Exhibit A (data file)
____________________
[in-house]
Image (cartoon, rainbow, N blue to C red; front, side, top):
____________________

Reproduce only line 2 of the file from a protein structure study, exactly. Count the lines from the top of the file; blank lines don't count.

Image (cartoon, rainbow, N blue to C red; front, side, top):